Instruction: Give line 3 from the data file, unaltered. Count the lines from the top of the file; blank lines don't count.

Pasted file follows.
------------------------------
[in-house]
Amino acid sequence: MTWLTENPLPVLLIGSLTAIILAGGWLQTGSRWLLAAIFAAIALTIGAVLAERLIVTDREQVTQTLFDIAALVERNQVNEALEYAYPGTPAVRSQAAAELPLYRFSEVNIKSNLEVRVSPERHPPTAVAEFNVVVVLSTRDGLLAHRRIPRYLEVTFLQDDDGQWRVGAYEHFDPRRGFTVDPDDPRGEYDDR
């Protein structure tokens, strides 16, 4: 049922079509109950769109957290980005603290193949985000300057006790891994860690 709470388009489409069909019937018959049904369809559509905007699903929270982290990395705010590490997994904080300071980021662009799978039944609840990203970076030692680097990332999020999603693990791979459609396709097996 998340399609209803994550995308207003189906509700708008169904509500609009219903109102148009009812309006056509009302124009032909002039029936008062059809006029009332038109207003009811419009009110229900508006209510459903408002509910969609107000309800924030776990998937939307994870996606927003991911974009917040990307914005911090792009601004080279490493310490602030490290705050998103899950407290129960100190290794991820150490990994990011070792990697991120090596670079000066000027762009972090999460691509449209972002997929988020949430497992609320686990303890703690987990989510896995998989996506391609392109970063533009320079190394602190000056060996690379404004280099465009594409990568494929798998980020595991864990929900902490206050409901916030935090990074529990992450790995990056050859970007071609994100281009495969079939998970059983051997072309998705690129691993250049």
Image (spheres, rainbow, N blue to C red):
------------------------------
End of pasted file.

């Protein structure tokens, strides 16, 4: 049922079509109950769109957290980005603290193949985000300057006790891994860690 709470388009489409069909019937018959049904369809559509905007699903929270982290990395705010590490997994904080300071980021662009799978039944609840990203970076030692680097990332999020999603693990791979459609396709097996 998340399609209803994550995308207003189906509700708008169904509500609009219903109102148009009812309006056509009302124009032909002039029936008062059809006029009332038109207003009811419009009110229900508006209510459903408002509910969609107000309800924030776990998937939307994870996606927003991911974009917040990307914005911090792009601004080279490493310490602030490290705050998103899950407290129960100190290794991820150490990994990011070792990697991120090596670079000066000027762009972090999460691509449209972002997929988020949430497992609320686990303890703690987990989510896995998989996506391609392109970063533009320079190394602190000056060996690379404004280099465009594409990568494929798998980020595991864990929900902490206050409901916030935090990074529990992450790995990056050859970007071609994100281009495969079939998970059983051997072309998705690129691993250049």